Merlot for Snobs

A Long Island winery is challenging Merlot's deservedly dismal reputation
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At twilight on the North Fork of Long Island I tasted firsthand the cliché that the vineyard makes the wine. I was walking through deep-green fields of vines just days before this fall's harvest, and couldn't keep my fingers out of the nets newly tied against starlings. The grapes I was serially stealing from Shinn Estate Vineyards were lesser-known varieties associated with Bordeaux (Cabernet Franc, Petit Verdot, Semillon, Malbec), planted because the North Fork has similar growing conditions: sandy, loamy soil in a maritime climate. The Malbec was particularly sweet and fruity. Earlier I had tasted freshly squeezed Sauvignon Blanc juice, which seemed perfectly balanced on its own—sweet yet acidic, concentrated and intense. Having consumed a generous glass of Shinn Estate's very fresh-tasting 2004 Sauvignon Blanc—Semillon at lunch, a wine that went perfectly with exceptional fresh goat cheese made just down the road (see box), I could imagine how good the vineyard's Sauvignon Blanc will taste next spring.

Wine grapes often taste good, but seldom that good. Usually they're interesting: perhaps oddly acidic, perhaps slightly funky, even when they will be the base for a wine that is smooth, balanced, and fascinating. Balance and fascination generally come from blending—the skill French winemakers perfected to compensate for climates that can't be counted on to produce grapes at the same level of ripeness year after year. I had always assumed that the French habit of grouping wines by the name of an area—Bordeaux, Burgundy, Champagne—and naming individual wines for a vineyard or a certain hillside was regional and proprietary pride gone wild.

How short-sighted of me to accuse the French of chauvinism! Like the cool-climate growers of France, Long Island winemakers are at the mercy of the elements and of their own skill at cultivating grapes and blending wines made from them. The place they make their wine, and the way they grow their grapes, really do make all the difference.

Falsely modest vineyard owners often trot out the cliché to signal the special superiority of their land. But those who are particularly proud of the state of their soil use it as well. Over lunch at Shinn Estate Vineyards, Barbara Shinn and David Page, the owners, described the compost tea and liquefied fish they apply by hand and the soil's perfect pH level, with an ideal balance of fungus to bacteria (mushrooms in soil, which make it basic, are good for grapes; bacteria, which make it acidic, are better for vegetables). They allow grasses and clover—fifty-five native plants, they say—to cover the ground beneath the vines ("We're the only no-till vineyard on the East Coast," Shinn says), where other vineyard owners use Roundup to clear away weeds. They cut off leaves that will shade lower clusters of grapes on their perfect-looking vines, but let enough remain to shade the upper ones. They pluck off, one by one, grapes that have stayed green, so that not even a hint of unripeness will mar their wine. They do every bit of pruning themselves, they said, passing each day through their fifteen acres of grapes. By the end of our long walk through flat fields where corn and rye used to grow, Long Island Sound in the distance and McMansions across the road, I was convinced that the couple recognized every cluster if not every grape.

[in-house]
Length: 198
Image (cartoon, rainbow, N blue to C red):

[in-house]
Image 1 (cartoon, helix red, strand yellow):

This happened to be an excellent year for ripening grapes—so sunny and dry that a downpour that late-September afternoon, Shinn and Page told me after measuring the rainfall, represented a full third of the rain they had received all summer. But Long Island is usually cool, and summers can be wet; in such years grapes are less sweet and many more clusters must be sacrificed to enable the fullest possible ripening of the remainder. It is then that blending becomes essential, and that the varieties of grape that grow well in this climate—some full and heavy, like Cabernet Sauvignon; some light and acidic, like Malbec—come in handy to balance out the wine.

Little of this is true in California, of course, where the hot climate of the Napa and Sonoma Valleys produces perfectly ripened grapes that taste the same year after year. Thus California has been able to blast the European competition with powerful wines made from big, thick-flavored grapes suited to warmer climates, such as Cabernet Sauvignon and Chardonnay. Australia, South Africa, and other countries with hot, dry climates and cool evenings have followed California's lead, and the expanding international wine market has left France looking like a hidebound, overpriced relic.

My new respect for France, whose wines inspired Shinn and Page at the start of their winemaking adventures, grew from my surprise at tasting a remarkably distinguished Shinn Estate wine made from a grape that in Californian hands has acquired a deservedly dismal reputation among wine snobs, most famously the one played by Paul Giamatti in Sideways: Merlot. In California, Merlot ripens fast, with high sugar content (resulting in high alcohol levels) but less flavor development than in warmer-climate grapes. Shinn Estate Merlots are soft and inviting—as are California Merlots (and nothing more, the Giamatti character might add)—but also structured and complex, like great wines. Like, in fact, Pomerol or Saint-Emilion—legendary French Bordeaux made principally from the recently reviled Merlot.